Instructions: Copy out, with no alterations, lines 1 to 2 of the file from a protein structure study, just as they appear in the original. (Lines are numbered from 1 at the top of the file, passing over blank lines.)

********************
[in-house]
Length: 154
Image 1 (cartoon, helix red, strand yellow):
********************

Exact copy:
[in-house]
Length: 154